The great thing about Ron Burgundy is that his character parodies the ridiculousness that is local television news.  Granted, Burgundy is a complete dope who's very impressed with his 1970s self.  But, his ridiculousness is what every local news station in every city across the country embodies.  Not the newscasters, but the substance of many of their stories.

It's pretty much petty crime, fires, car accidents, traffic jams, and "hard hitting" investigative news reports of health code violations at restaurants.  

I have a friend who works in small town news.  They said whenever they go out to a petty crime scene to film a news report, they spot the dumbest looking person and stick a microphone and camera in their face.  Of course, their face lights up with that, "Look ma, I'm on TV!" look.  (Smart people run away from the cameras of local news crews).  

Anchorman is a great exaggeration of American local news.  Not that there's anything wrong with local news or the journalists and reporters who work in the industry, who are incredibly talented.  It's just that there's not very many newsworthy stories happening in most cities and towns across the country, so their forced to make news out of things that aren't newsworthy, like cat fashion shows and kitchen fires at local restaurants or somebody getting their TV stolen and the police not powdering the crime scene looking for fingerprints.

Despite the ridiculousness, I'm looking forward to seeing Anchorman 2.  Hopefully, it's as good as the first one, which I've seen over 100 times.

Stay Classy!  

Monday, December 2, 2013

First Week Of Skiing For The 2013-2014 Ski Season At Mt. Hood Meadows

Mt. Hood Meadows has been kind enough to open up a few chairlifts for skiers and snowboarders these past two weekends despite the low snow levels.  And I've taken full advantage of the opportunity to ski for the first time in twelve years, first taking my nieces Sam & Lauren up for a lesson mostly on Buttercup and then this past Friday, I went up by myself and got several runs in off of Daisy and Cascade Express.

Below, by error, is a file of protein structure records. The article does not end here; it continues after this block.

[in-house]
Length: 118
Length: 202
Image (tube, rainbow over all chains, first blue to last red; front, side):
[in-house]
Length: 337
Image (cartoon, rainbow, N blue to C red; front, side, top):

Two things I noticed in my first two times skiing.

  1. My skiing ability never left me after a decade without skiing.  I earned a varsity letter for skiing my freshman year in high school (then played JV2 basketball the following winter to work on my foot speed, which helped me in baseball - my first love!), where I learned so much about carving an edge in my turns, telling myself to turn early when heading into a gate, pushing off the outside leg when coming out out the gate, and using my poles as a timing mechanism to transfer my weight between skis.

    Halfway down my second run on the Texas trail, which is a wide-open groomed run where you can pick up some serious speed if you're not in control, I realized I was doing all of that racing stuff subconsciously, even telling myself to "turn early" before my turns.  Holy shit!  I still got it!  I was shocked that it was all still there, just like riding a bike.  How awesome!  I'm still really, really good at skiing!
  2. The views are absolutely beautiful and I'm pretty happy to be back in Oregon, taking in all this natural beauty!  The Pacific Northwest is an amazing place to be when you have the resources to get out and experience all that there is to do here.  This winter should be pretty fun with lots of skiing up at Mt. Hood Meadows along with a trip or two to Tahoe and a few weekends at Mt. Bachelor.  

Here's some of the photos I took from the top of Texas trail this past Friday:

Looking out at Mt. Jeffereson and Mt Washington near Black Butte

Skibowl's trails in the distance with Timberline's parking lot in the foreground

More Mt. Jefferson with some skiers in the foreground

Mt. Jefferson on a clear day - thanks Google Images